The idea of mixing sex, swearing, and song seems to evoke South Park more than Madame Butterfly. However, composer Richard Thomas’ treatment of opera is far from dismissive. “There is definitely some mocking of opera…but in order to mock, you really have to understand the genre,” says Howard, a fourth-year voice student at U of T’s Faculty of Music. “He has a wonderful command of classical composition. Some of the music is more contemporary…but there are fugues and there are really intense counterpoints, and choral settings that are very complex. And so he does knock opera, but he really goes all in and totally understands the form. I think that’s what makes it a successful satire.”

But it’s not just opera that Springer sweeps off its pedestal. The show’s previous productions in London and New York inspired massive protests for its not-so-subtle comparison of prominent Judeo-Christian figures as petty narcissists willing to literally poop their pants to get the attention of the masses. However Howard points out that the purpose of this plot point “is not to be jerks—it’s not to say, ‘Jesus is a shit.’ It’s to put them in a new light, and say, ‘We have to question these figures that people trust without caution.’”

Although it may not be for everyone, Howard encourages skeptics to take a chance on the play. “I’m hoping that lots of different kinds of people come to it. I think it’s really important that we get an audience whom we can challenge.”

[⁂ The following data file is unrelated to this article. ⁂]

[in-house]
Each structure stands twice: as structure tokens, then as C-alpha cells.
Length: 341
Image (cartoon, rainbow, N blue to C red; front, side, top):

Get paid to go to school

Education think-tank says cost of education should consider tax rebates

The full length of the bars (above) represent what each student paid in tuition from the years 1997 to 2008. The Education Policy Institute argues that the real cost is denoted by the black portion of the bar—what students don’t get back from tax rebates.

The cost of education is not rising as fast as your student union would claim, says a recent study published by international think-tank, Education Policy Institute. Adjusted for inflation, Ontario university fees have risen 31.2 per cent on average since 1997-98. That number drops to 22 per cent once you subtract tax rebates available to students. Last year, the rebate for full-time students in Ontario was $2,073. The study argues that the real cost of university education is better reflected in a measure it refers to as the “ENT” or Everybody’s Net Tuition—total tuition with available tax returns deducted. By this measure, Manitobans were paid $51 to go to school in 2007-08.

UTSU VP external Dave Scrivener doesn’t agree that the ENT figure is a more effective measure of the cost of education. “The upfront cost of education is still what students are paying and what they’re seeing on their bills and what’s effecting people and what people have concerns over […] The cost of education’s going up and it’s still going up faster than inflation in a lot of ways,” he said. Scrivener adds that many students didn’t actually go through the procedure of claiming tax returns.

The dinosaurian roots of fowl fatherhood

Repeated discoveries of well-preserved dinosaurs in breeding postures atop their nests have long fascinated palaeontologists. These fossils wield strong evidence that dinosaurs incubated their eggs in a bird-like manner. However, a recent study lends evidence to an even more intriguing suggestion—that the egg-sitters were males.

David Varricchio of Montana State University and researchers from three other institutions reached this conclusion through information gathered from the creatures’ egg clutch volumes and bone tissue. Their results have been published in the journal Science.